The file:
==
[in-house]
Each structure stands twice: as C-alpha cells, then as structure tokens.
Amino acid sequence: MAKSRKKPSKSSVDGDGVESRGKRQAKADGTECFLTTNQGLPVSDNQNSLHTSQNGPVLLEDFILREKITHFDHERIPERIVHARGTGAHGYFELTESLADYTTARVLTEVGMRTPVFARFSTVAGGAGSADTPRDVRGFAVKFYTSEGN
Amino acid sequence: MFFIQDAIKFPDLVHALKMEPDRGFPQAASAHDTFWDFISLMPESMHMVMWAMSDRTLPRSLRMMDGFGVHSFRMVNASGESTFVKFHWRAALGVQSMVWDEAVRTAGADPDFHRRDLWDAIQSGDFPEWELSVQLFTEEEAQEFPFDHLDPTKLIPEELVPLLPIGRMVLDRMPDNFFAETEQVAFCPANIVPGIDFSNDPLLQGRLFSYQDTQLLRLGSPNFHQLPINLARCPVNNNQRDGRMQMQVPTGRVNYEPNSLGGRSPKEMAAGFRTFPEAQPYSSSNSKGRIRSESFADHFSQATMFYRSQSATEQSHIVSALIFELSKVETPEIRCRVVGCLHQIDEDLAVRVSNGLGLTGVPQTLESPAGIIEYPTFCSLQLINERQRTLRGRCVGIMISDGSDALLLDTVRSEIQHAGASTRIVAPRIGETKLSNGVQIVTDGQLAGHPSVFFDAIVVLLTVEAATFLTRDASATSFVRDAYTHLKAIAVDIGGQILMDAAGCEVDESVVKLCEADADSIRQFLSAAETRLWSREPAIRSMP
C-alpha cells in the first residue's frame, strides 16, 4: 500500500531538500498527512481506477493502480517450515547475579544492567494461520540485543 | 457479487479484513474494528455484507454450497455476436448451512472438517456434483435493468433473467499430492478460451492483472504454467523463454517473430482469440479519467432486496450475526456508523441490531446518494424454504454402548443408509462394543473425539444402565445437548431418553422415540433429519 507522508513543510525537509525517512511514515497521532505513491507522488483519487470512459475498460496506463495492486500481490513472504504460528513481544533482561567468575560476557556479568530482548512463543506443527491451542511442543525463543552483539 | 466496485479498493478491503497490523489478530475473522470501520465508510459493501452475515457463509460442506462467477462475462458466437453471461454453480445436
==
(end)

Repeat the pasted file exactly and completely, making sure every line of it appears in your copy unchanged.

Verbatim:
[in-house]
Each structure stands twice: as C-alpha cells, then as structure tokens.
Amino acid sequence: MAKSRKKPSKSSVDGDGVESRGKRQAKADGTECFLTTNQGLPVSDNQNSLHTSQNGPVLLEDFILREKITHFDHERIPERIVHARGTGAHGYFELTESLADYTTARVLTEVGMRTPVFARFSTVAGGAGSADTPRDVRGFAVKFYTSEGN
Amino acid sequence: MFFIQDAIKFPDLVHALKMEPDRGFPQAASAHDTFWDFISLMPESMHMVMWAMSDRTLPRSLRMMDGFGVHSFRMVNASGESTFVKFHWRAALGVQSMVWDEAVRTAGADPDFHRRDLWDAIQSGDFPEWELSVQLFTEEEAQEFPFDHLDPTKLIPEELVPLLPIGRMVLDRMPDNFFAETEQVAFCPANIVPGIDFSNDPLLQGRLFSYQDTQLLRLGSPNFHQLPINLARCPVNNNQRDGRMQMQVPTGRVNYEPNSLGGRSPKEMAAGFRTFPEAQPYSSSNSKGRIRSESFADHFSQATMFYRSQSATEQSHIVSALIFELSKVETPEIRCRVVGCLHQIDEDLAVRVSNGLGLTGVPQTLESPAGIIEYPTFCSLQLINERQRTLRGRCVGIMISDGSDALLLDTVRSEIQHAGASTRIVAPRIGETKLSNGVQIVTDGQLAGHPSVFFDAIVVLLTVEAATFLTRDASATSFVRDAYTHLKAIAVDIGGQILMDAAGCEVDESVVKLCEADADSIRQFLSAAETRLWSREPAIRSMP
C-alpha cells in the first residue's frame, strides 16, 4: 500500500531538500498527512481506477493502480517450515547475579544492567494461520540485543 | 457479487479484513474494528455484507454450497455476436448451512472438517456434483435493468433473467499430492478460451492483472504454467523463454517473430482469440479519467432486496450475526456508523441490531446518494424454504454402548443408509462394543473425539444402565445437548431418553422415540433429519 507522508513543510525537509525517512511514515497521532505513491507522488483519487470512459475498460496506463495492486500481490513472504504460528513481544533482561567468575560476557556479568530482548512463543506443527491451542511442543525463543552483539 | 466496485479498493478491503497490523489478530475473522470501520465508510459493501452475515457463509460442506462467477462475462458466437453471461454453480445436